The state's public records law is broken. Thankfully, we have fought hard for reform and two bills H. 3858 and S. 2120 to fix our freedom of information law have passed through the House and Senate, respectively. The issue is now going through conference committee before final legislation makes its way to Gov. Baker's desk for approval.
We believe that final legislation should include reforms that would:
(1) Promote electronic distribution of public records, and make more public documents available online.
- Providing records in electronic form saves time, money, and paper.
- If an electronic file contains both public record and exempt information, the public information should be segregated and provided for inspection.
- Agencies should facilitate public record requests by providing descriptions of their major record-keeping systems.
- Putting more info online will facilitate access and pre-empt formal requests.
(2) Make records affordable.
- Access to public information shouldn't be costly. Fees should reflect actual materials costs and limited service fees.
- Materials fees – for copies, printouts, or electronic storage devices – should not exceed the actual cost of the materials.
- Administrative fees – for time spent finding, reviewing, and redacting records – should be modest and only applied to time-consuming requests.
- Individuals shouldn't be saddled with hefty fees to get public information.
(3) Designate "records access officers" in government agencies, streamlining the process and reducing complexity by assigning responsibility for answering requests.
- Citizens, journalists, and other interested parties should not have to jump through hoops to find someone who can answer their records requests.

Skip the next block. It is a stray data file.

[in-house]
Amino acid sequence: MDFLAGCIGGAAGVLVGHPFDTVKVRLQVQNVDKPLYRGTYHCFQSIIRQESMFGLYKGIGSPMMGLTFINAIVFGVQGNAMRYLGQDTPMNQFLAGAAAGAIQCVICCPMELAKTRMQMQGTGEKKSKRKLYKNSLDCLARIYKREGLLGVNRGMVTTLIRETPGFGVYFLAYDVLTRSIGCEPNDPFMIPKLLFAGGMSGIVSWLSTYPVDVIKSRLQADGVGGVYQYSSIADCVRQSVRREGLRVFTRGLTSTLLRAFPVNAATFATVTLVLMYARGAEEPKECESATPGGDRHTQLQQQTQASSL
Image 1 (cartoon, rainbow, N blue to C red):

- Responsiveness to public records request should not be delayed by a lack of clarity in an agency about who's job it is to answer.
- Assigning responsibility for records access will allow that agent to focus on implementing electronic distribution of documents, thereby further increasing accessibility and reducing costs of paper and copying.
(4) Ensure courts award attorney’s fees when agencies block access to public information, giving "teeth" to enforcement.
- Without a meaningful enforcement mechanism, agencies can deny access to public records without consequences. Attorney’s fees provide incentive for agencies to take the law seriously.
- Lacking this provision, Massachusetts lags behind the national mainstream.
- 9 out of 10 states and the federal FOIA law already authorize attorney’s fees when people are wrongly denied access.
- Many states require courts to award attorney’s fees when a plaintiff prevails; the House bill currently gives discretion to do so while the Senate makes it mandatory.
- Freedom of information should not depend on having the resources to pay for a lawyer.